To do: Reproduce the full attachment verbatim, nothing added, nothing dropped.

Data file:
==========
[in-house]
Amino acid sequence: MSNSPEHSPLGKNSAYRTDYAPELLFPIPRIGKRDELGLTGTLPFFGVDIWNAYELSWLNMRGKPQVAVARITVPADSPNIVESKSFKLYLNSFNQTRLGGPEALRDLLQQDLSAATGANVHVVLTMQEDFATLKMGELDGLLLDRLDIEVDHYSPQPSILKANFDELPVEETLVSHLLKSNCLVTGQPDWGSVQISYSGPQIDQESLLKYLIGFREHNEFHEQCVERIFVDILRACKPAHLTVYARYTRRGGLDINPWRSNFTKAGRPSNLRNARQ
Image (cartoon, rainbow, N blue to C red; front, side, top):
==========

[in-house]
Amino acid sequence: MSNSPEHSPLGKNSAYRTDYAPELLFPIPRIGKRDELGLTGTLPFFGVDIWNAYELSWLNMRGKPQVAVARITVPADSPNIVESKSFKLYLNSFNQTRLGGPEALRDLLQQDLSAATGANVHVVLTMQEDFATLKMGELDGLLLDRLDIEVDHYSPQPSILKANFDELPVEETLVSHLLKSNCLVTGQPDWGSVQISYSGPQIDQESLLKYLIGFREHNEFHEQCVERIFVDILRACKPAHLTVYARYTRRGGLDINPWRSNFTKAGRPSNLRNARQ
Image (cartoon, rainbow, N blue to C red; front, side, top):